Bacon Man: An Adventure Impressions—Sizzling Porky Goodness

Game: Bacon Man: An Adventure
Developer: Skymap Games
Publisher: Skymap Games
Reviewed: PC

A ridiculously brilliant concept brought to life on kickstarterBacon Man: An Adventure has that classic, heroic appeal that’s unique to the 1990s mascot platformers it’s inspired by. I’m talking Earthworm Jim and Mega Man, 2D sidescrollers that came with a side dish of eccentricity you just couldn’t resist. Bacon Man is unabashedly zany. Picture a world where immortal foes like ‘Excaliboar’ rule the roost, and turducken isn’t a fowl monstrosity but a fine cuisine. Are you shivering? So am I.

Bacon Man takes a staple of American breakfast, slaps ‘man’ onto the end, and invents a superhero. Boom. Bacon Man doesn’t fly, shoot cobwebs or possess superhuman strength, yet he still delivers some meaty magic. As a long time admirer of the platform genre, I had to jump in and see if Bacon Man‘s recipe was as delicious as advertised.

The ode to fried fat begins when Bacon Man gets double-crossed and winds up in a frozen dungeon. SkyMap hoists its quirky flag high by letting you choose between a number of characters including Lard Lass and Feta, each one with differing HP and power distributions, but I went with our resident hero. Cold, alone, and enshrouded in a veil of beautiful azure, you quickly learn the essentials: punching, wall climbing, and shooting. There are also opportunities to buy and sell items and infuse weapons with elemental energy, but gameplay doesn’t push the complexity meter to the limit. It’s simple done right.

More importantly, the platforming sections are varied, mentally engaging, and look utterly splendid in Unreal Engine 4. They’re populated with conveyor belts, spikes, water and spinning wheels, plus a well-designed selection of enemies that’s there to slaughter you. Bacon Man‘s combat is fresh, satisfying, and feels absolutely natural with a controller in your hand.

What doesn’t translate so smashingly is responsiveness issues, slippery jumping mechanics, and progression inconsistencies. There were several times where pressing buttons (especially when leaping between platforms) didn’t register, even when I dialled down graphics to lower resolutions. It wasn’t all bad, except in Bacon Man‘s case, a mascot adventure that prides itself on its “tough as nails” insignia, there needs to be a higher level of accuracy in this department. One-hit deaths can feel cheap when the reasons don’t boil down to player error.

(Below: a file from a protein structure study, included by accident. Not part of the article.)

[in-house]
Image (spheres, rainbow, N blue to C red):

The second most pressing matter was particular levels not loading properly. This is with specific reference to a stage in Polar Prison which splits into two routes. While the non-linear trick excited me initially, dying once triggered a massive deluge that prevented me from exploring that path again (I had made substantial progress before a Steam update blocked it). Unlike Bacon Man‘s occasional glitches and minor crashes, this felt much more conspicuous. Lastly — and this is probably more of a preference — jumping feels a bit too buoyant.

It takes time to get jiggy with Bacon Man‘s bouncing mechanics, which propel our prince of pancetta forward by a considerable margin and can lead to many missed landings. It’s a tiny bit frustrating after several attempts, a realisation that hit me hardest when traversing ‘squishy spring’ sections. These suspended trampolines constitute quite a large percentage of many levels, and the window of landing accuracy feels unfairly small. If tightened, the difficulty would be perfect. I unconsciously kept falling back to the design of Aladdin for Sega Genesis, and how well genie heads were implemented in Inside the Lamp; jumping felt tight and contained. I would have loved a less greasy approach in Bacon Man too. Make no mistake however, Bacon Man still delivers a piping hot platter of enjoyment, especially so in its humorous script and a stunningly majestic OST.

Bacon Man‘s story is an absolute riot. Be prepared for satire, salt, and non-vegetarian mischief of the highest degree. The soundtrack excels in an equally impressive manner, doling out organic orchestral melodies that don’t feel generically Hollywoodesque in the slightest. I found myself humming along enthusiastically, a surefire sign these tunes are instantly iconic, and arguably, Bacon Man‘s biggest strength.

Bacon Man is a good throwback to 2D classics. The plot isn’t hammy, its visuals shine with unique glaze, and the guts of the game hint at compelling platforming action. Technical issues turn the heat down, but the final product is still pretty delicious, and much meatier than Super Meat Boy.

Prevent Bacon Man from becoming someone’s breakfast by puchasing a copy of Bacon Man: An Adventure on Steam. At $19.99 USD, I think it’s reasonably priced, but expect a few hiccups.

Full Disclosure: A copy of the game was provided by the publisher for purposes of this review.